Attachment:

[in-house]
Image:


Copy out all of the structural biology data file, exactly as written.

[in-house]
Image: